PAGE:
Journal | September 18, 2016
Last Harvest for My Nemesis Block
Tomorrow we pick red grapes for Rosé. More on that later. Included in this picking will be a vineyard block that has been my nemesis since 1988 when it was planted. I could look at it as a reminder of all my viticultural mistakes, but I prefer the idea of it serving as tuition in my school of winegrowing evolution. The block is unceremoniously named CS 88/06. We name our blocks by the variety (Cabernet Sauvignon) and the year planted (1988 and 2006). It, along with several others, will be removed after harvest, to be replanted (with Cabernet Sauvignon) in 2018. CS 88/06 is located next to the winery on a granite slope that is an “A” site for Cabernet Sauvignon. However the planting was not well done and over the years I have tried to “fix” it, ultimately making it even worse. It has been a consistent producer in terms of yield, but quality has been mediocre at best. It has never made it into the Hardscrabble blend, always designated to Claret. This year, because of uneven flowering and veraison, I felt it best to pick it early for Rosé as I’m not convinced that it could make good red wine.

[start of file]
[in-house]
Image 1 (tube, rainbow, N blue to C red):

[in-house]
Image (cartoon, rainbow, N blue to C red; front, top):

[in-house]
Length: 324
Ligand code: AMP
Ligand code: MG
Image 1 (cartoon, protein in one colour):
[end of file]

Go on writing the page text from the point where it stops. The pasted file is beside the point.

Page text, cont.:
So what went wrong? In the late 1980’s a trellising system called Lyre was in vogue. It is intended for high vigor soils as a way of dividing the canopy to give each individual vine space more access to sun. For the first ten years it seem to make sense, but then the vines lost their vigor of youth and struggled to fill the allotted space (they were planted at 12×5 feet). This was not a high vigor soil. The rows were also planted at an east/west orientation, which I have since found is not good for the Cabernets as it provides too much shading. The sun always tracks on top of the canopy and never to the sides.
In fact, most of this block started its life as Chardonnay, but in 2003 Linden had too much Chardonnay and not enough Cabernet, so we field grafted it over to Cabernet. This was only moderately successful and many of the vines died over the next few years. They were replanted with Cabernet.
By 2006 it became evident that we were stressing the vines by asking them to fill this massive Lyre trellis. We converted the posts, wires and vines to the simpler standard system known as VSP. In doing so there was now a lot of wasted space between rows (12 feet, whereas now we plant at 6.5 to 7 feet). I decided to interplant new rows of Cabernet between the existing rows.
What resulted was a Cabernet vineyard with different vine ages, different rootstocks, and different clones. The row orientation was all wrong and a virus disease called leaf roll was rearing its ugly head. Leaf roll is incurable and leads to a slow decline of the vine while slowing ripening of the fruit. This is not the recipe for great wine, so I’ll try again, with more Cabernet, but in a very different way.